What is Congenital heart disease?
Congenital heart disease refers to heart defects that you are born with. The severity of the disease ranges from mild defects to severe and life-threatening conditions. In Singapore, according to the birth defect registry, congenital heart disease was a factor in 0.81% of total live births from 1994 − 2000.
There are numerous types of congenital heart disease such as:
- Atrial septal defect (hole in the wall separating the two upper, right and left, atriums of the heart)
- Coarctation of the aorta
- Tetralogy of Fallot
- Hole in the heart
- Mitral valve prolapse
- Patent ductus arteriosus
- Pulmonary atresia
- Pulmonary/aortic stenosis
- Transposition of the great vessels
- Ventricular septal defect (hole in the wall separating the right and left ventricles)
- Complications related to pregnancies, use of contraception and risk to offspring
- Inflammation of the inner layers of the heart (endocarditis)
- Managing of resulting non-cardiac medical problems
- Social, emotional, financial, employment and education issues
- Life-long follow-up
The causes of congenital heart disease are not very well known, though they may include:
– Chromosomal or genetic conditions, which can be inherited or might occur (rarely) in early pregnancy:
- Down syndrome, DiGeorge syndrome, Marfan’s syndrome and Turner syndrome
– Environmental factors can lead to congenital heart disease:
- Excessive drug or alcohol consumption during pregnancy, acne medications, exposure to chemicals, viral infections (eg. rubella), and other diseases including diabetes
Depending on the type and severity, many congenital heart defects may present with no symptoms. When the heart defects are severe or if multiple heart defects are present, especially in newborns, the following symptoms may occur:
- Blue skin, lips and fingernails
- Chest pain
- Heart murmur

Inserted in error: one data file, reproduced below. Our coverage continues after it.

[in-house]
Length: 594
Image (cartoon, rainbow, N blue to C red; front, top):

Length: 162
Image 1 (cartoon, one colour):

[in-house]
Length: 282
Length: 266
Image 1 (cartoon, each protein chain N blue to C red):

- Poor blood circulation
- Rapid breathing
Transcatheter procedures may be used to treat congenital heart defects. These are minimally invasive procedures performed using a catheter (small tube). This includes the delivery of an intravascular device such as a balloon, a coil or a stent to help dilate or close existing cardiovascular defects.
Transcatheter procedures include:
- Balloon angioplasty or balloon dilation is a procedure that expands narrowed blood vessels to improve blood flow to the heart
- Balloon atrial septostomy is used to treat some congenital heart defects and can be performed on fetuses or infants. This technique expands the hole between the right and left upper chamber of the heart.
- Balloon valvuloplasty is recommended for patients whose valves are narrowed. A tiny balloon catheter is directed to the target valve, then inflated until the valve opening is widened sufficiently.
- Device closure of a condition called patent ductus arteriosus (PDA) is performed when a baby’s ductus arteriosus (blood vessel normally present and closed a few days after birth) is not completely closed after birth. A device is inserted through the blood vessels in the groin to close this gap.
- Device closure of atrial septal defect (ASD), a congenital heart defect between the upper two chambers of the heart. An occluder (separator) can be inserted to divide the two chambers of the heart when atrial septic defect is present. This will help the heart resume its normal function.
- Cavo-pulmonary shunt (CPS)
- Fontan procedure
- Ligation of patent ductus arteriosus
- Modified blalock taussig shunt (BTS)
- Norwood procedure
- Pulmonary artery band (PAB)
- Rastelli operation
- Ross procedure